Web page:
December 3, 2019 | Research
Road salt could inadvertently boost mosquitos in Toronto area, U of T alumnae researchers find
By Blake Eligh
Alumnae researchers at U of T Mississauga found that long-term exposure to high levels of salinity due to winter road salting suppress the immune response of aquatic insects who eat mosquitos (photo by Paul Bruch via Getty Images)
It may help keep your car on the road in the winter, but research from the University of Toronto suggests that road salt is creating problems for wildlife.
Two alumnae researchers from the lab of Shannon McCauley, an associate professor of biology at U of T Mississauga, investigated the impact of road salt exposure on larvae of Anax junius dragonflies. The results, published in the journal Frontiers of Ecology and Evolution, show that long-term exposure to high levels of salinity suppress the immune response of aquatic insects, negatively impacting their ability to fight infections and recover from injuries.
“Anax junius shape the aquatic ecosystem. No one has ever looked at how this particular species responds to salinity”
Known as “green darners,” Anax junius dragonflies are one of the most common and abundant species in North America. Long and thin, they can grow to a length of 76 mm and are fierce and voracious predators.
“They eat everything, including each other, other dragonflies, mosquitos and zooplankton,” says Rosalind Murray (MSc 2009), a post-doctoral researcher in the McCauley Lab who co-authored the study with McCauley and Racquelle Mangahas (BSc 2018 UTM), then an undergraduate biology student. “In a fishless pond, Anax junius are top predators that shape the aquatic ecosystem.
“We don’t know much about how macro invertebrates – larger insects – respond to salinity, and no one has ever looked at this particular species.”
Murray notes that 2017 was a boom year for the insects, which were collected at U of T’s Koffler Scientific Reserve north of Toronto for the study. “It was a good opportunity to ask questions about what is happening to these top predators,” she says.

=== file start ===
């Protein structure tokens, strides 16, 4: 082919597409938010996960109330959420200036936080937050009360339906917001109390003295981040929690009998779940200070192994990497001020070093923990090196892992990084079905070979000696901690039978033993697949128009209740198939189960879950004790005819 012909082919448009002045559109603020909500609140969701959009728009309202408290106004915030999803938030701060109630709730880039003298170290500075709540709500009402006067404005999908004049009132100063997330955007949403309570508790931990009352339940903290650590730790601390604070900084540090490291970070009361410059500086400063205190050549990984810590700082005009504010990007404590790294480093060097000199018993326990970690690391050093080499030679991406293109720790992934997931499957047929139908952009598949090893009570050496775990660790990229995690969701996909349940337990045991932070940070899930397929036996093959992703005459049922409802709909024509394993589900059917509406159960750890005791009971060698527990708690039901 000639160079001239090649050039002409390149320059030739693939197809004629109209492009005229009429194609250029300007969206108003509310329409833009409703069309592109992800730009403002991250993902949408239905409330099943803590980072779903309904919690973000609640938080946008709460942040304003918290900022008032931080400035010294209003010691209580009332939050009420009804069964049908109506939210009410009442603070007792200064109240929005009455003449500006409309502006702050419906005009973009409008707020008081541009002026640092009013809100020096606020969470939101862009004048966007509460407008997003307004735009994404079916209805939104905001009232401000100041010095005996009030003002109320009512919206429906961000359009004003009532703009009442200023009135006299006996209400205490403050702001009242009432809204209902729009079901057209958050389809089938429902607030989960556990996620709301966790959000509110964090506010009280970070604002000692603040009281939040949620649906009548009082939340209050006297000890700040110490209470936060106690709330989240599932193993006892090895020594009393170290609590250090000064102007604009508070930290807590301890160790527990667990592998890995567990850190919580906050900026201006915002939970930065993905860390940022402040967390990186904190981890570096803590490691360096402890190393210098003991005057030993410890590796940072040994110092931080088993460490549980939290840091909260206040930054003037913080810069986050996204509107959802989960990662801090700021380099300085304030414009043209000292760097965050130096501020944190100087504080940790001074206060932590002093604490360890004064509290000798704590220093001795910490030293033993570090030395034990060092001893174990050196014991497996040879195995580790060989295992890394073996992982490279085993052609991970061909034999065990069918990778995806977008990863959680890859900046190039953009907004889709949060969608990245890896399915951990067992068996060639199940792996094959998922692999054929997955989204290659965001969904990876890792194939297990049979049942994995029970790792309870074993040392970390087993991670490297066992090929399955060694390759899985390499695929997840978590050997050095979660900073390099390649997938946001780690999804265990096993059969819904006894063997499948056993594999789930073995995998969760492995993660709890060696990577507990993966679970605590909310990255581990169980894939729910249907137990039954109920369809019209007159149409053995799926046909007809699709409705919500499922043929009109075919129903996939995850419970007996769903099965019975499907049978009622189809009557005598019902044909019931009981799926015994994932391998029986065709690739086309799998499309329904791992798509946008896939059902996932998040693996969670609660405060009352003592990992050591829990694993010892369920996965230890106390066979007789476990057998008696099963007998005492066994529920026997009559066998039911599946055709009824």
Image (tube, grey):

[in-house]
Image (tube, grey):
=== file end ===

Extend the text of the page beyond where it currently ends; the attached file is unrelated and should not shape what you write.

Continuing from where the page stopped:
Salt enters aquatic environments in a number of ways. In colder climates, salt is spread liberally for traction on icy roads, parking lots and walking paths, where it can be washed into ponds, rivers and streams when the snow melts. In warmer locales, salt also enters the watershed through road gravel, agricultural applications and runoff from saltwater residential pools.
Salt spread liberally on roads, parking lots and paths can wash into ponds and streams when snow melts
Previous research measured how much road salt might be lethal to aquatic populations, but Murray notes that many creatures may experience non-lethal salinity levels over different periods of time.
“Stagnant ponds might contain little pockets with higher salinity, and insects can move in and out of them so they may experience quick acute exposure,” she says. “They may not be experiencing salinity at a rate that is sustained enough to kill them. We wondered how salinity might be affecting animals in a non-lethal way.”
The researchers theorized that salinity might have an effect on the insects’ immune systems. To observe the potential effects of road salt on larval immune response, the researchers turned to melanin, a chemical that plays a role in wound healing. “When an insect has a wound, it sends melanin to encapsulate the foreign object or wound,” Murray says.
Dragonfly larvae were injected with a monofilament to mimic injury that might be caused by a parasite or other wound. The larvae were then placed into water with various levels of commercial road salt ranging from standard tap water with no salt added to solutions of one and three grams of salt per litre. The larvae were left in the solutions for periods ranging from one to 96 hours (four days), after which the researchers measured the amount of melanin deposited on the monofilaments.
“We found that the highest level salt treatment in longest-term exposure resulted in a significantly decreased immune response,” Murray says.
“Our research shows a decrease in the number of mosquitos that the dragonflies are eating”
“Dragonflies are pretty robust, but at the longest period of the highest concentration, we saw that they are being affected by high concentrations of salt,” she says. “Our study exposed the insects for just four days, but animals may live for years in the same pond. A chronically salty environment, it could – and likely would – have a much stronger effect.”
Chronic exposure to salination could have other long-term implications for the insects and also for other creatures on the food chain. Additional research from the McCauley Lab indicates that exposure to road salt appears to negatively impact the appetite of adult dragonflies. “Our research shows a decrease in the number of mosquitos that they are eating, which could impact how many mosquitos are in our environment.”
“It’s a global problem that’s not specific to cold climates,” Murray says. “It is important to be aware of how much salt we are adding to the environment, and that it is having an effect.”
The research was supported the Natural Sciences and Engineering Research Council of Canada.